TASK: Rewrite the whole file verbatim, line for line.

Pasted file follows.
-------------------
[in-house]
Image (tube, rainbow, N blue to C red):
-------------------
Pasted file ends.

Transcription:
[in-house]
Image (tube, rainbow, N blue to C red):